|Photo by Steve Garvie (Internet Bird Collection)|
blue-crowned motmot (en); udu-de-coroa-azul (pt); motmot houtouc (fr); barranquero coronado (es); blauscheitelmotmot (de)
Range:This species is found from eastern Mexico, through Central America and into Colombia, Venezuela, Suriname, the Guyanas, northern and central Brazil, Ecuador, Bolivia, Paraguay and northern Argentina. They are also found in Trinidad and Tobago.
Size:These birds are 41-48 cm long and weigh up to 175 g.
Habitat:Blue-crowned motmots are found in a wide range of forested habitats, including tropical evergreen and deciduous forests, coastal forests, mountainous forests semi-arid open woodlands, and secondary vegetation. They can also be found on the edges of rainforests, secondary growth forests, plantations, pastures and rural gardens. They are found from sea level up to an altitude of 2.400 m.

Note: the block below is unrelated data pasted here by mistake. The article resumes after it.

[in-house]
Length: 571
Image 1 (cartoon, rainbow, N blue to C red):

Diet:They mostly eat invertebrates, including butterflies, cicadas, beetles, mantids, spiders, earthworms, centipedes, and snails, but also fruits, small lizards, frogs, birds and small rodents.
Breeding:Blue-crowned motmots mostly breed in August-October. They nest in a burrow excavated into the side of a cliff, river bank or roadside or sometimes use rock crevices. There the female lays 3-4 white eggs which are incubated by both parents for 21 days. The chicks are fed by both parents and fledge 29-31 days after hatching, but only become fully independent 3-5weeks later.
Conservation:IUCN status - LC (Least concern)
This species has a very large breeding range and a global population estimated at 5-50 million individuals. The population is suspected to be stable in the absence of evidence for any declines or substantial threats.